Drew Barrymore's tales of toddler wrangling proves that celebrities really ARE just like us
If you have been parenting for a while, and are – or have been – in possession of a toddler, you no doubt are more than a little familiar with the joy that is tantrums.
You know, those moments of complete meltdown toddlers are rather prone to – often at the worst time and place possible.
I found myself dealing with one in the middle of the food hall at my local M&S yesterday – when my three-year-old just decided that if he couldn't have the Spiderman chocolate lollipop he wanted, he wasn't going anywhere – and promptly staged a (very loud) lie-down protest right there on the floor.
It didn't help that the place was heaving with weekend shoppers (this was at the very busy Dundrum Town Centre, so you can only imagine my stress levels as people had to veer their shopping trolleys and buggies out of the way from his rigid little body as he lay there, howling).
Anyway, what always saves me during these times is the knowledge that I am not alone. That mums (and dads) across the globe are all subject to these situations – no matter who we are or what we do.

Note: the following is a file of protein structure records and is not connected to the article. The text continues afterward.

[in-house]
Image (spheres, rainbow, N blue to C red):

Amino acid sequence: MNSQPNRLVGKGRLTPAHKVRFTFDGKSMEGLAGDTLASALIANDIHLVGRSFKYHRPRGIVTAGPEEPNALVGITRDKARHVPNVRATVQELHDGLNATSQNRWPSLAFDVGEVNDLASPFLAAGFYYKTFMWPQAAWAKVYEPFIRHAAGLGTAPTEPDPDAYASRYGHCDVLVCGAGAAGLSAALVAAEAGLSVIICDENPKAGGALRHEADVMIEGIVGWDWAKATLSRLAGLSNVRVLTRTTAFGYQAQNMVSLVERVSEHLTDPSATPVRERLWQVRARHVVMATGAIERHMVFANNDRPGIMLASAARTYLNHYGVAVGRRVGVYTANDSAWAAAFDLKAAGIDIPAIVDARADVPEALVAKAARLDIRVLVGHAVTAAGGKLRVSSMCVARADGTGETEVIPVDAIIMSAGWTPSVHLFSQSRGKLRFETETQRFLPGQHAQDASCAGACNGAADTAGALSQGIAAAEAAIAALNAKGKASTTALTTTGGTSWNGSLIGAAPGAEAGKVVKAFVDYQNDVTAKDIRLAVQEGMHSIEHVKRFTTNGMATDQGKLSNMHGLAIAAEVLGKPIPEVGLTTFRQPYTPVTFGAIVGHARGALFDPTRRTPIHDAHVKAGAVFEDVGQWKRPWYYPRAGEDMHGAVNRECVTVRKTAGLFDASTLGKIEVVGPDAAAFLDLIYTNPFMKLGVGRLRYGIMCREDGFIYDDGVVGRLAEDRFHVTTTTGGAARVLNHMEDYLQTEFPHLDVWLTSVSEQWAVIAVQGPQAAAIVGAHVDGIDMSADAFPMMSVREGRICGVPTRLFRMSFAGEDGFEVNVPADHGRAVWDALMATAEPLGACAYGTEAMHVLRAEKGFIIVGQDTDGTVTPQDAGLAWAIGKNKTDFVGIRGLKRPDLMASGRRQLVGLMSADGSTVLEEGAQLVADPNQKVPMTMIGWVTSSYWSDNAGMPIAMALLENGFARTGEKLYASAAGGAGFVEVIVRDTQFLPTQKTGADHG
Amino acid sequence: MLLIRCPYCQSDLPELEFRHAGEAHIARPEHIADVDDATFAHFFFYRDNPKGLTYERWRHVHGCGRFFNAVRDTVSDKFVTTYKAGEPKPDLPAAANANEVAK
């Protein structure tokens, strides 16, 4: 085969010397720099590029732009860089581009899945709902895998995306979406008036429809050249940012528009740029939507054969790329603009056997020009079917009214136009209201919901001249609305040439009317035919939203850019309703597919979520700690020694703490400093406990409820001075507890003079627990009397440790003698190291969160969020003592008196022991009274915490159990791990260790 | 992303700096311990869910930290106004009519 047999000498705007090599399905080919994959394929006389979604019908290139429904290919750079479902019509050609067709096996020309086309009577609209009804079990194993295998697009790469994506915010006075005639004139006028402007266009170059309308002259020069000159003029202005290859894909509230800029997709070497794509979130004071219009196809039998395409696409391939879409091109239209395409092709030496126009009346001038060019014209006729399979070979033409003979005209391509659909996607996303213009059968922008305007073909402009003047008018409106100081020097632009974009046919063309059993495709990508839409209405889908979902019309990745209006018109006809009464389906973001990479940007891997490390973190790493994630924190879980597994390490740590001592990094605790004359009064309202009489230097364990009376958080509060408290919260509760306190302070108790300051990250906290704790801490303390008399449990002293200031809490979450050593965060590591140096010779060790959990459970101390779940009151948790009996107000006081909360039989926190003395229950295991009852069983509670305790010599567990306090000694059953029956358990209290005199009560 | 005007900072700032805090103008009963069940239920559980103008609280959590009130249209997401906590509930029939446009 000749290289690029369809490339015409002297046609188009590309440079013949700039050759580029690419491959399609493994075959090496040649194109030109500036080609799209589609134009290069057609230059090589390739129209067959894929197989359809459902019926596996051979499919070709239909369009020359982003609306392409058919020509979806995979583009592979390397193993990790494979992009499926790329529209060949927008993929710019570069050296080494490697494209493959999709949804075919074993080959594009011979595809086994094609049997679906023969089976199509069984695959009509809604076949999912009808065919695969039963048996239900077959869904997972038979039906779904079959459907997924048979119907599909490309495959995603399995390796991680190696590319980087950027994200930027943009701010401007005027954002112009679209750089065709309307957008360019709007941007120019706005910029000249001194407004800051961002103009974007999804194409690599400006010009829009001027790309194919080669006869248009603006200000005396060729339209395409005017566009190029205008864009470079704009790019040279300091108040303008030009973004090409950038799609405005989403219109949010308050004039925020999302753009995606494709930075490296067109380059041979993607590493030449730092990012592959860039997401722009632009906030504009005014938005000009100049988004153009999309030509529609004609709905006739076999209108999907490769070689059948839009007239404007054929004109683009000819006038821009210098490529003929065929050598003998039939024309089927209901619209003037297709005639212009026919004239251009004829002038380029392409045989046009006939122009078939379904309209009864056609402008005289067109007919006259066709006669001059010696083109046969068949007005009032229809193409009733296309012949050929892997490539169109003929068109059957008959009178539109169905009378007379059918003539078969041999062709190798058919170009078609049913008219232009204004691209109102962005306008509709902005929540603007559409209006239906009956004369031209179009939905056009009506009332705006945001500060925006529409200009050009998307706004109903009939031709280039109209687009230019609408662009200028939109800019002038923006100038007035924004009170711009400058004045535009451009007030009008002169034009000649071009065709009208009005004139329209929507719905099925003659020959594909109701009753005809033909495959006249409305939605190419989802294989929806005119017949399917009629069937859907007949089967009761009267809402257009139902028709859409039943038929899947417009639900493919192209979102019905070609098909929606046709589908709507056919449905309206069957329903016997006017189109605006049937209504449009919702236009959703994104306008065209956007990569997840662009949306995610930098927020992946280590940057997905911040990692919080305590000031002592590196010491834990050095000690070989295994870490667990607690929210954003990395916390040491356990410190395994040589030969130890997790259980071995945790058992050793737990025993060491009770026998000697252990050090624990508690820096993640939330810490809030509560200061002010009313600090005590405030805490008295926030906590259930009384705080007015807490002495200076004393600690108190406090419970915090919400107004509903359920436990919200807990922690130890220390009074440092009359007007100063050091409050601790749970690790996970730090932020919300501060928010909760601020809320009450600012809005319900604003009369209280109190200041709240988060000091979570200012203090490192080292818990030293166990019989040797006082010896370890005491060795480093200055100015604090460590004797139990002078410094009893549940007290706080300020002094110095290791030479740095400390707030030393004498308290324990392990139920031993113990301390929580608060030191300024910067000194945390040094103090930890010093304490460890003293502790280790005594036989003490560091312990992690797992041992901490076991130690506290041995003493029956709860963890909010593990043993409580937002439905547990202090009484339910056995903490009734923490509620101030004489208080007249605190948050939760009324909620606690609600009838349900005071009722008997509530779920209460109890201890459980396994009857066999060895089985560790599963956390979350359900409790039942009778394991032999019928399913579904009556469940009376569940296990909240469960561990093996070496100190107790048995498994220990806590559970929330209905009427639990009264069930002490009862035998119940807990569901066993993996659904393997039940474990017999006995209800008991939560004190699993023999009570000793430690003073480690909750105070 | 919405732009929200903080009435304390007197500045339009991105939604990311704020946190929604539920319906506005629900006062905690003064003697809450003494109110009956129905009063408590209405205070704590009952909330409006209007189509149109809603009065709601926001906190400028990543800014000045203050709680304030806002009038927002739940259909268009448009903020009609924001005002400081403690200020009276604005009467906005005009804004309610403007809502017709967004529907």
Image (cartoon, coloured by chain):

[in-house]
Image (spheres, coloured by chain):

In fact, actress and mum-of-two Drew Barrymore recently dished to Seth Meyers how she found herself dealing with some epic meltdowns – in the middle of Disney World.
"(Disney) was the best experience ever," Barrymore, 41, told Meyers of taking her two youngsters, Olive, 4, and Frankie, 2, to the park. "I just had tears of joy seeing their joy."
But," she cautioned, "if you've ever taken your kids to Disneyland or Disney World, it all ends at some point in mayhem."
(Are you nodding your heads, parents? Yeah, we thought so.)
In Olive's case, the meltdown apparently happened after her mama refused to let her chase a duck in the park. In hindsight, Barrymore said, she could have probably just let it go. But there were other factors at play.
Namely, sleep deprivation. "You're, like 'I'm here! Let's skip the nap and let's go, go, go!' You want to maximize it," she said. "This (photo) is how it always ends for me."
Now, though, the actress claims she's pretty much got tantrum management down to a science. "I think you should have 10 consistent tools in your arsenal," she said. "It's either the tender loving approach or the 'I'm very serious' approach."
Or, you know, the 'if you can't beat them, join them' approach and just start crying too... (Sorry to everyone who was shopping in M&S Dundrum yesterday, I was really only pretend crying, I swear!)